The Fresh Loaf

News & Information for Amateur Bakers and Artisan Bread Enthusiasts

What Are These Bubbles?

albacore's picture
albacore

What Are These Bubbles?

I've seen several photos like these before, mainly on Instagram. This one came from a post by trianglebakehouse:

I can't say I ever get bubbles like that in my spiral mixer, but then it's a lot smaller and never as fully loaded.

I'm just wondering if these are air bubbles or CO2?

Any thoughts? Has anyone else ever experienced them?

Lance

David R's picture
David R

I think they're air, and I think they're what happens when a sufficiently high-powered and high-speed mixer meets a sufficiently wet dough - the mixer whizzing through the dough as if to make whipped cream out of it, and raising air bubbles.

But knowing me, I'm likely to be wrong.

Mini Oven's picture
Mini Oven

and pop the bubble.  If the flame goes out it's CO2.

What ever you do, don't add baking soda!

Looks like they let the dough bulk rise in the mixer.  And the bulk rise is finished.  Most likely followed by a degassing and dough removal or a second bulk rise. 

David R's picture
David R

... If the flame expands greatly, it's oxygen. If the room explodes, it's hydrogen. And if you suddenly think you're waving that match at a concert, then it's probably butane or propane. 😁

dabrownman's picture
dabrownman

mixer dough and it is CO2.

not.a.crumb.left's picture
not.a.crumb.left

that one of the experienced bakers on IG stated in his post that the emergence of bubbles show that the

dough is ready and mixing should be stopped...

I try to find this and might have saved somewhere in my folders on mixing...(although I don't have a mixer yet)...

I read it as the baker saying that it is a good sign for enough oxygyn in the dough and to stop mixing...

Just wanted to share but cannot add much more...Kat

not.a.crumb.left's picture
not.a.crumb.left

and luckily my 'mixing' folder is not as full at the shaping folder...ha..ha....

https://www.instagram.com/p/BwKL6I0JHu3/?utm_source=ig_web_copy_link

and it is a post from Wayne Caddy and in the comments he explains that bubble appear when optimum mixing is achieved and that it is one of the ways he assesses if the dough is mixed enough.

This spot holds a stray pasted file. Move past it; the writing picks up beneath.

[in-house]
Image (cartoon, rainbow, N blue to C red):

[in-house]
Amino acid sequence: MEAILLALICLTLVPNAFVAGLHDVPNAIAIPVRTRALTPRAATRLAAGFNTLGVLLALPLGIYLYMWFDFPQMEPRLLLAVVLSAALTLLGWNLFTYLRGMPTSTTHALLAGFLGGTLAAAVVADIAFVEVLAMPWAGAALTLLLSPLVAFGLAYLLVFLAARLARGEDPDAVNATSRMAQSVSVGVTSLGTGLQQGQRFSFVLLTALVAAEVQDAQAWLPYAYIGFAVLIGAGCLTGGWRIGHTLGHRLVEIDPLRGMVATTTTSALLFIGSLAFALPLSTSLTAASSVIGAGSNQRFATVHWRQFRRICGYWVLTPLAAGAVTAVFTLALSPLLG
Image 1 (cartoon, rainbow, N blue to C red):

albacore's picture
albacore

Thanks Kat, but I'm afraid I don't think I'm any the wiser! I can't imagine these bubbles appear when you are actually mixing, so how do you know that you've gone far enough to know that they will appear when you stop?

Interesting that the comments echo my thoughts - ie bulking in mixer or very full mixer. I suspect it's to do with the latter, because they usually seem to be in IG posts were the baker is proudly displaying an impossibly full mixer, usually with a comment something like: "do you think I could have got a bit more in?". It must be a baker thing!

Lance

David R's picture
David R

About the question of how you would know when to stop anyway: They wouldn't need to appear while you were literally still mixing, as long as they could be counted on to appear within a short time. (Short enough time that, if the bubbles failed to appear, you could just switch the mixer back on.)

mwilson's picture
mwilson

Echoing Kat, I have heard Massari say this too - When bubbles appear under the skin of the dough this is a sign of optimal mixing.

As for the theses large bubbles. I have often seen them in panettone mixes.

I think surely it is the combination of good extensibility, good gluten development and a large mass of dough.

The weight of the dough exerts pressure compressing dough toward the bottom which forces air incorporated during mixing to rise up through the dough. Just like an air bubble rises up through water, except it collects at the surface and is trapped by the gluten matrix. That's what I think.

   View this post on Instagram

Happy morning. #panettone #panettoneyearround #giftingthepanettone #giftideas #easter #easteriscoming #eastergift #eastergiftideas

A post shared by Roy Shvartzapel (@thisisfromroy) on Mar 8, 2018 at 6:18am PST

Mini Oven's picture
Mini Oven

a result of good mixing.  Cool.